Experts say a new septic system can cost the homeowner anywhere between $8,000 and $30,000 to install properly. With those stinging sums in mind, you’d be wise to maintain and care for your septic system today to avoid costly repairs or replacement tomorrow. Listed below are three ways to keep your septic system working smoothly throughout the year.
Respect the Drainage Location
It's important that your septic area is kept free of anything that might interfere with drainage. Heavy foot and vehicle traffic can compress soil above your drainage field, causing slower drainage and easier freezing of drainage lines. Some trees and shrubs develop roots that slink around drainage lines and into septic tank openings.
Keep playground equipment, sheds and other structures away from the septic-tank site. Be cautious when digging ditches or holes for fence posts near the septic tank’s area. It's easy to damage a line or the tank with the wrong jab of a sharp shovel or post-hole digger.
Watch What You Flush
Chemicals can actually alter the ability of your septic system to decompose waste matter. If you pour too much bleach or other chemical material into the toilet, the resulting reaction can eventually kill off the bacteria that are vital to the septic system's operation.
Other items you should never flush down the toilet include:
- Dental floss and picks
- Ear swabs
- Cotton balls and cosmetic wipes
- Hair from humans or animals
- Living or dead pets or pests
- Cigarette and cigar butts
- Cat litter or dried cat feces
Leftover used grease and food are also inappropriate for the toilet. Both can create nasty clogs that make your whole house smell like a landfill or worse. This warning against food includes chewing gum and medications.
Chewing gum can stick to the waste pipes and help make blockages happen. Medications affect the entire ecosystem, as the substances eventually leach into surrounding waterways. Unused birth control pills interfere with the reproductive capabilities of local fish, so make sure to dispose of all medications as recommended by your physician, pharmacy or local sheriff's office.
High-phosphate soaps and other strong, foaming cleaners are also not helpful to the septic system's operation. Choose environmentally sound shampoos, soaps and bodywashes whether you have a public sewer, private gray-water or private septic system. Switch your household cleaners so you use less caustic versions. Vinegar, baking soda and citrus-based cleaners will not significantly alter the pH in your septic system.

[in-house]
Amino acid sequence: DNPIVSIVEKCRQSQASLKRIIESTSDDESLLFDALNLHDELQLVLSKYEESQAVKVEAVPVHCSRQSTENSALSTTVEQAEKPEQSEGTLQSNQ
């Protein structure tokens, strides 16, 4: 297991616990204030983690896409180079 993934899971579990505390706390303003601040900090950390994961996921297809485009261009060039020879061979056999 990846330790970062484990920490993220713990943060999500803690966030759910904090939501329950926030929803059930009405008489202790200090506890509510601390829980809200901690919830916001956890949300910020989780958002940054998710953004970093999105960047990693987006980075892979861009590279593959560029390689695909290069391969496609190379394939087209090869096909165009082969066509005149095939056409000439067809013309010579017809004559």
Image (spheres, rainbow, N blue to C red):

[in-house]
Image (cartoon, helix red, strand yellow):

Know the Signs of Septic Tank Trouble
Knowing the signs of impending septic tank trouble can help you head off disasters before they happen. If your septic system is clogged or needs to be pumped, you may notice water pooling above your outside septic tank area. You may smell strong sewage or gas odors in the home or close to the toilet.
Wastewater may begin to back up into showers or bathtubs. You may need to plunge your toilet so it will flush properly, and then some of the wastewater can flow back into the toilet or into adjacent drains.
Algae blooms and overly green lawn areas can indicate overflowing sewage from the septic tank. If well water on the property tests high for levels of septic-originating micro-organisms or nitrates, the septic tank probably needs to be serviced. Experts recommend having your septic tank pumped clear every three to five years to stay on top of yard overflows and sewage backup risks.
Another sign of septic issues is a weird noise that occurs when you flush the toilet or drain other plumbing fixtures. There may be a blockage in a drain line or in the vent stack that funnels gas and air pressure out of your home's roof. If you regularly find pests in your toilet, there is likely a hole somewhere in your drain lines allowing access to the nuisances.
O'Fallon Sewer Service offers professional, skilled septic tank servicing, repair and installation. Call us today to schedule excavation, cleaning or pumping of your system. We also offer portable toilet rentals for your construction site or for use while your rural septic tank is being repaired or replaced.